The four acquaintances became fast friends as they put in hundreds of hours—many of them in the wee morning hours—problem solving, planning and trouble shooting.

“Each team member brought different strengths to the project, from mechanical design to computer programming to farming experience,” said Baumgartner.

While ONU provided a $500 budget, the team sought out corporate sponsorship for additional funding for parts and materials. Allied Machine & Engineering, Speed Waves Wireless Solutions and Freudenberg-Nok all provided assistance.

The seniors used recycled materials whenever possible, and also produced many of the parts using the 3-D printers and other equipment available in the Biggs Building labs.

“The most challenging part of the project for me was figuring out how to get the planter assembly to drop and bury the seeds correctly,” said Eckstein. “We had to go through a few different designs and a lot of trial and error, but we were eventually able to come up with a design that worked.”

In the end, Robogro, which measures 56” wide, 30” long and 63” tall, cost $2,000. The design was a CNC based dual axis eight row planter, and the CNC greenhouse robot could plant, monitor and feed an individual plot. When the team members tested their product by planting soybean seeds on a Friday, they were surprised and delighted to discover on Monday that the seeds had not only sprouted, but the plants had grown several inches tall.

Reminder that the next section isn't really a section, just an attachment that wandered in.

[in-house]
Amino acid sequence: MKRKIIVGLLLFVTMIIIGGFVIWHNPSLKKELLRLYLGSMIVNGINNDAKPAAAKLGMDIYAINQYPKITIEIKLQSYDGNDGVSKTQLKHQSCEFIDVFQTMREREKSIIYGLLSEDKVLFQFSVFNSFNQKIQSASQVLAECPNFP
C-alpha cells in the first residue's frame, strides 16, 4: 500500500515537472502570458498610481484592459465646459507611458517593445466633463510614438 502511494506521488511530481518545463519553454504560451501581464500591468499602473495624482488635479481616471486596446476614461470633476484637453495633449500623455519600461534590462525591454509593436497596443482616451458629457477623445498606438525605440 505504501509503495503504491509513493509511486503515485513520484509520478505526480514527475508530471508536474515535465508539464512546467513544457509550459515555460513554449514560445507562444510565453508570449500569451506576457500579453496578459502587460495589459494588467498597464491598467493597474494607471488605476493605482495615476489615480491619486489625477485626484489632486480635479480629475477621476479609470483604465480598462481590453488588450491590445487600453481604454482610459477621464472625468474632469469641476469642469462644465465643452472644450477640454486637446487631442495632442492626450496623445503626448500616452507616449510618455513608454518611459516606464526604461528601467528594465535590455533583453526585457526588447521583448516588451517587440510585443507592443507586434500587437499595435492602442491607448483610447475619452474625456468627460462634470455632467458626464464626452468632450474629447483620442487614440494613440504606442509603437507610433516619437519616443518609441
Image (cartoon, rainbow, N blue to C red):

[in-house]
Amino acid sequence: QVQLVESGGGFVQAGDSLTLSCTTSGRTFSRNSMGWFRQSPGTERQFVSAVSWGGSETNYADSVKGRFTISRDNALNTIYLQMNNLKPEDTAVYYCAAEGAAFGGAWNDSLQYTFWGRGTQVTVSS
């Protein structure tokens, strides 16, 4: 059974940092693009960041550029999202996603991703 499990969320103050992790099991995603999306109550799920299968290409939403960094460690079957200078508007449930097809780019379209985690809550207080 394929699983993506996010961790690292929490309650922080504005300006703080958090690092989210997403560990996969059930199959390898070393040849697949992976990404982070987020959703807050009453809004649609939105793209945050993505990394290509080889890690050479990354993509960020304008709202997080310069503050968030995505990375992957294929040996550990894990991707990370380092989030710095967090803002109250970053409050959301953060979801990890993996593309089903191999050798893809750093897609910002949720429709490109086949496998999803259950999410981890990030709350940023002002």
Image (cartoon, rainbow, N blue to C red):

“Our design focused around a small cell example that in theory could be scaled up for larger production, or be kept in a small cell for home-based crop production,” said Zach Himes, capstone team member.

The capstone team encountered a new set of hurdles, however, when they took Robogro on the road for the ATMAE competition. Fitting it into the back of a trailer, wheeling it through a narrow hotel room door, and packing it safely to survive the bumpy I-75 journey from Ada to Louisville, presented new engineering challenges that they had to solve on-the-spot.

And, despite careful packing, Robogro did not survive the bumpy journey home.  

“We were blown away when we opened the trailer back at college to be presented with our robot that was now in a pile of a million pieces,” said Sullivan.

The intrepid teammates, buoyed by their successful 2nd place overall showing with two 1st place category awards at the Louisville competition against much larger schools, spent some late nights rebuilding Robogro. They even incorporated upgrades. The award-winning Robogro is now on display in the Halderman Sustainability Lab in the Biggs Building.

“We are really proud of their success with this capstone,” says Baumgartner. “It is one of the most efficient robots our students have ever built.”

Capstone team member Owen Sullivan graduated from ONU in December and is now a universal final assembly technician at GROB Systems, Inc. Zach Himes also graduated in December is a sales engineer at Allied Machine & Engineering. Camden Spears and Jonathan Eckstein will graduate in May 2023 and both have job positions lined up.

This article is one of a series covering the topic of sustainability at Ohio Northern University.